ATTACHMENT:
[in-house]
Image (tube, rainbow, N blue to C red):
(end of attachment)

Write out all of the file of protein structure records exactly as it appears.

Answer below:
[in-house]
Image (tube, rainbow, N blue to C red):